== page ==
Michael Myers was introduced to us on Halloween night in 1963. Outside a small white house in Haddonfield, Ill., Myers, only 6, watches his big sister in the kitchen, playing kissy-face with her boyfriend. Soon, they traipse happily upstairs. Tonight, with the parents gone, they want to do naughtier things than just kiss. Then, to our horror, we see tiny hands reach into a cabinet drawer and pull out a large knife.
On his way to his sister's room, Myers picks up a clown's mask, cover's his face and then encounters his topless sister. The knife descends over and over again into her flesh. Breathing heavily, Myers rushes down the steps, out the door and into the front yard, his face blank and his hands holding a bloodied knife as his mother and father look in shock.
This was the beginning of John Carpenter's slasher classic, Halloween, made in 1978 for little more than $300,000. It went on to earn more than $50 million at the box office and spawned really awful sequels.
We all remember the iconic Michael Myers, his face obscured by a white-painted Captain Kirk mask, stalking nerdy, virginal Laurie Strobe, played by Jamie Lee Curtis, and her much hornier friends on Halloween, the night when the boogeyman came out for real.
It was scary, full of jump-out-of-your-seat moments. But Carpenter was remarkably restrained. No gushes of blood, no severed heads, were to be found in this movie. Halloween is old-fashioned now in a world of Saws and Hostels, where directors depend more on shock value to frighten, instead of dread-inducing suspense.
Then Rob Zombie, the heavy-metalist turned auteur director, comes along to remake, or as he puts it, reimagine Carpenter's masterpiece. He does this by delving into Michael Myers' past, figuring out how a small boy tranformed himself into a cold, efficient killing machine who loves to wear masks.
So in Zombie's Halloween, we're introduced to Myers as a 10-year-old, chubby-faced with stringy dirty-blonde hair. His father is dead. His mother is a stripper who has since fallen in love with a drunken prick played over-the-top by William Forsythe. His big sister is an oversexed hottie. At school, Myers is mercilessly picked on by bullies, and when he starts torturing rats as a way to cry out for help, his stressed-out mother ignores the not-so-suble signs that her dear-old son may be turning into a psycho.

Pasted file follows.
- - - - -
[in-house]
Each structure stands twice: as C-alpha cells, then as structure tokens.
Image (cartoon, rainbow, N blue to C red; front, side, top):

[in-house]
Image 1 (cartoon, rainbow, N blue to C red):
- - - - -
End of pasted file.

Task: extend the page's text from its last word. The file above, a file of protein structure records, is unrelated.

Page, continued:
It doesn't take long for Myers to go from killing rats to killing people, bashing one bully with a tree branch. And then on Halloween night, he goes bonkers, cutting his stepfather's throat, pummeling his sister's boyfrined with an aluminum baseball bat and stabbing his sister 17 times.
Dr. Samuel Loomis (played in the original by the late Donald Pleasance and now replaced by Malcom McDowell) is the psychiatrist who tries to help Myers at the mental institution he is now confined to. He holds him and jokes with him with hopes to break through to Myers' inner turmoil. But it is to no avail. And 18 years later, Myers is a big brute of a man, silent and the very embodiment of evil.
The rest of the story follows just as the original -- Myers breaking out and going on a rampage through Haddonfield on a quest to find his baby sister, Laurie Strobe, this time played by Scout Taylor-Compton.
Zombie says his motivation was to humanize Michael Myers. A noble attempt but it fails. Myers was scarier when he was just a mute monster, his eyes the blackest ones Dr. Loomis had ever seen.
Here, we have just cliche. Poor Michael Myers had a crappy childhood and killing people indiscriminately is his way of lashing out. Great pschoanalysis there, Zombie.
The biggest problem here is that despite all Zombie's reimagining, we have the same-old tired Michael Myers. He doesn't say anything. He has no personality. He just walks and kills, walks and kills.
The violence is visceral and much less stylized than it was in the original Halloween. And while not as gory as some of the torture movies we've become accustomed to these days, Zombie's version is far bloodier than Carpenter's.
But the movie just feels empty and soulless, like Myers. We still don't understand what made Myers evil. And we don't care. Even sadder is the short shrift Laurie Strobe gets in this movie. Instead, she becomes a stupid girl who screams at all the wrong times.
Let's just hope for this one thing: No sequels, please.